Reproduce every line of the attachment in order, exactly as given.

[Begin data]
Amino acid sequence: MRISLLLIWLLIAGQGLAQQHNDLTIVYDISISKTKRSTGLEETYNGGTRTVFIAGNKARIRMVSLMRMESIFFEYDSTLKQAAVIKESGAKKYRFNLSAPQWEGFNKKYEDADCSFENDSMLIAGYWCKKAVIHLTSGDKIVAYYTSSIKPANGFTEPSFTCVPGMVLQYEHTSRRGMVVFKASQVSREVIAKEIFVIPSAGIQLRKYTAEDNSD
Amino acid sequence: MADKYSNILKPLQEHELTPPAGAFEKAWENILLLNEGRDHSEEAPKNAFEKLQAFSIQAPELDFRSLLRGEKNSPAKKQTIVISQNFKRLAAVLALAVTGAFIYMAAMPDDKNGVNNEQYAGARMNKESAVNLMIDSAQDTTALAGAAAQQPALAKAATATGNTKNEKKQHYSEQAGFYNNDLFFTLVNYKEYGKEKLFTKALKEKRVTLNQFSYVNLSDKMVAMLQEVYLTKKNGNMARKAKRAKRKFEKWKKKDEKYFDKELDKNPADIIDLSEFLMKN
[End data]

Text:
Amino acid sequence: MRISLLLIWLLIAGQGLAQQHNDLTIVYDISISKTKRSTGLEETYNGGTRTVFIAGNKARIRMVSLMRMESIFFEYDSTLKQAAVIKESGAKKYRFNLSAPQWEGFNKKYEDADCSFENDSMLIAGYWCKKAVIHLTSGDKIVAYYTSSIKPANGFTEPSFTCVPGMVLQYEHTSRRGMVVFKASQVSREVIAKEIFVIPSAGIQLRKYTAEDNSD
Amino acid sequence: MADKYSNILKPLQEHELTPPAGAFEKAWENILLLNEGRDHSEEAPKNAFEKLQAFSIQAPELDFRSLLRGEKNSPAKKQTIVISQNFKRLAAVLALAVTGAFIYMAAMPDDKNGVNNEQYAGARMNKESAVNLMIDSAQDTTALAGAAAQQPALAKAATATGNTKNEKKQHYSEQAGFYNNDLFFTLVNYKEYGKEKLFTKALKEKRVTLNQFSYVNLSDKMVAMLQEVYLTKKNGNMARKAKRAKRKFEKWKKKDEKYFDKELDKNPADIIDLSEFLMKN